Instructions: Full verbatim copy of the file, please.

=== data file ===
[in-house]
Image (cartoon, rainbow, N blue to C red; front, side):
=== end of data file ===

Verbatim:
[in-house]
Image (cartoon, rainbow, N blue to C red; front, side):